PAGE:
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Aerosol dipole pattern over India: consequences on rainfall and relation with wind circulations

Abstract

The aerosol concentrations are changing in rapid phase in the recent decades over Indian subcontinent. A general conclusion that is postulated from various studies indicated high aerosol loading over the Indian subcontinent. The aerosol concentrations are found to alter cloud-precipitation chemistry globally. Analysing the trends of aerosol concentrations over the Indian subcontinent is crucial to understand in depth the aerosol–precipitation relationship over these regions. In the present study, the long-term trend (2000–2019) of aerosols, precipitation and winds has been analysed over the Indian subcontinent. The work aims to identify the zones of significant increasing/decreasing Aerosol Optical Depth concentrations and alter the rainfall patterns over these regions. Mann–Kendall test has been employed for trend analysis. An aerosol dipole pattern is observed along the eastern-western boundaries of the monsoon trough over the Indian subcontinent (India, Bangladesh and Pakistan), which shows an inverse relationship with the rainfall patterns. Over the north-western region of the Indian subcontinent, the reduced pollution and enhanced precipitation may further alter the land-sea thermal gradient, resulting in the weakening of monsoonal circulation. Enhanced pollution over eastern India is adjusting the precipitation distribution along with the weakening of low-level jet and moisture transport. The present study provides an evidence of aerosol–precipitation relation over the Indian subcontinent using long-term datasets that has profound application in better understanding the weather systems.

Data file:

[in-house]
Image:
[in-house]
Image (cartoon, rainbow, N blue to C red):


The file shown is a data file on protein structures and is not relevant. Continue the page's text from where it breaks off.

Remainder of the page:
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Acknowledgements

Authors are thankful to NASA Goddard Space Flight Center (GSFC) and Atmosphere Archive and Distribution System (LAADS) for making the level-3 MODIS datasets, NCAR for GPCC datasets and NCEP/NCAR for reanalysis data of winds datasets available. Authors want to acknowledge Department of Science and Technology, Govt. of India for providing the funding [project-funding code: DST/CCP/Aerosol/90/2017(G), under SPLICE, Climate change, National Network Programme on Aerosol].

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Naresh Krishna Vissa and Bhishma Tyagi were involved in conceptualization, methodology, writing—Original draft preparation, software, writing—reviewing and editing

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Correspondence to Bhishma Tyagi.

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Communicated by Prof. Ewa Bednorz (ASSOCIATE EDITOR) / Prof. Theodore Karacostas (CO-EDITOR-IN-CHIEF).

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Vissa, N.K., Tyagi, B. Aerosol dipole pattern over India: consequences on rainfall and relation with wind circulations. Acta Geophys. (2021). https://doi.org/10.1007/s11600-021-00688-1

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Keywords

  • Aerosol
  • Precipitation
  • Monsoonal circulation
  • Aerosol–precipitation interaction